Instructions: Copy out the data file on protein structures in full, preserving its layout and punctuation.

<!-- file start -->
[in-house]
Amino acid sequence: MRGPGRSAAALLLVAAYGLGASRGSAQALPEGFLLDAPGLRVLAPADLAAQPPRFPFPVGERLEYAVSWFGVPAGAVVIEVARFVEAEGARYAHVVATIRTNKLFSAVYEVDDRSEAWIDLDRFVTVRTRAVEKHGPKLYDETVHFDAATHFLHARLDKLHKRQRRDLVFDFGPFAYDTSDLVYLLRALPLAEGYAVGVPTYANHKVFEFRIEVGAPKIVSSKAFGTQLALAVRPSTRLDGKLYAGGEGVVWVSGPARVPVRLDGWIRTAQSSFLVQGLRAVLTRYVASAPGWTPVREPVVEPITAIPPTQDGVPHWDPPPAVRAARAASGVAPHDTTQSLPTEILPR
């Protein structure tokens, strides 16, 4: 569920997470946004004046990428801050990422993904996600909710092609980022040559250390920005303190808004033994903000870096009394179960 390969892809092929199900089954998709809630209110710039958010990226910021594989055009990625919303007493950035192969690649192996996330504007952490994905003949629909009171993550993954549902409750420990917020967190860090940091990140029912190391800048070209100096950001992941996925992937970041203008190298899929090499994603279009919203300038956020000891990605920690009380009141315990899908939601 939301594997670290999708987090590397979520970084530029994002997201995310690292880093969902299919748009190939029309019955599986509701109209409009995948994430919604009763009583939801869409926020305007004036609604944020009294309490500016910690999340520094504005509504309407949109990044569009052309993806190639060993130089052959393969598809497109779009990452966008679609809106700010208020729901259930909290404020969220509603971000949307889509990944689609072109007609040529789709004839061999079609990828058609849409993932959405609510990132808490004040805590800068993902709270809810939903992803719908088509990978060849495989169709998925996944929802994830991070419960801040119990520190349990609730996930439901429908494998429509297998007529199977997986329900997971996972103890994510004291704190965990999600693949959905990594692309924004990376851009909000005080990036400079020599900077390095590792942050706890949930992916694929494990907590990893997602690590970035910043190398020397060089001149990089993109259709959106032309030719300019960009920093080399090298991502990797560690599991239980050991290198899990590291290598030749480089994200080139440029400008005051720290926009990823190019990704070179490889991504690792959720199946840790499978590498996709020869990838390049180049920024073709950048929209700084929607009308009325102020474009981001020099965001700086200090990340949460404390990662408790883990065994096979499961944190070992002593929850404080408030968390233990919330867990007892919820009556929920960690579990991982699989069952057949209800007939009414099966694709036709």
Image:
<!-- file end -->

[in-house]
Amino acid sequence: MRGPGRSAAALLLVAAYGLGASRGSAQALPEGFLLDAPGLRVLAPADLAAQPPRFPFPVGERLEYAVSWFGVPAGAVVIEVARFVEAEGARYAHVVATIRTNKLFSAVYEVDDRSEAWIDLDRFVTVRTRAVEKHGPKLYDETVHFDAATHFLHARLDKLHKRQRRDLVFDFGPFAYDTSDLVYLLRALPLAEGYAVGVPTYANHKVFEFRIEVGAPKIVSSKAFGTQLALAVRPSTRLDGKLYAGGEGVVWVSGPARVPVRLDGWIRTAQSSFLVQGLRAVLTRYVASAPGWTPVREPVVEPITAIPPTQDGVPHWDPPPAVRAARAASGVAPHDTTQSLPTEILPR
């Protein structure tokens, strides 16, 4: 569920997470946004004046990428801050990422993904996600909710092609980022040559250390920005303190808004033994903000870096009394179960 390969892809092929199900089954998709809630209110710039958010990226910021594989055009990625919303007493950035192969690649192996996330504007952490994905003949629909009171993550993954549902409750420990917020967190860090940091990140029912190391800048070209100096950001992941996925992937970041203008190298899929090499994603279009919203300038956020000891990605920690009380009141315990899908939601 939301594997670290999708987090590397979520970084530029994002997201995310690292880093969902299919748009190939029309019955599986509701109209409009995948994430919604009763009583939801869409926020305007004036609604944020009294309490500016910690999340520094504005509504309407949109990044569009052309993806190639060993130089052959393969598809497109779009990452966008679609809106700010208020729901259930909290404020969220509603971000949307889509990944689609072109007609040529789709004839061999079609990828058609849409993932959405609510990132808490004040805590800068993902709270809810939903992803719908088509990978060849495989169709998925996944929802994830991070419960801040119990520190349990609730996930439901429908494998429509297998007529199977997986329900997971996972103890994510004291704190965990999600693949959905990594692309924004990376851009909000005080990036400079020599900077390095590792942050706890949930992916694929494990907590990893997602690590970035910043190398020397060089001149990089993109259709959106032309030719300019960009920093080399090298991502990797560690599991239980050991290198899990590291290598030749480089994200080139440029400008005051720290926009990823190019990704070179490889991504690792959720199946840790499978590498996709020869990838390049180049920024073709950048929209700084929607009308009325102020474009981001020099965001700086200090990340949460404390990662408790883990065994096979499961944190070992002593929850404080408030968390233990919330867990007892919820009556929920960690579990991982699989069952057949209800007939009414099966694709036709």
Image: